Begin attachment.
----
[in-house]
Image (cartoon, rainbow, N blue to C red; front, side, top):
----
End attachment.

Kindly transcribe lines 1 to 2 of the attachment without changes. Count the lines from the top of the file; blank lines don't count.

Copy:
[in-house]
Image (cartoon, rainbow, N blue to C red; front, side, top):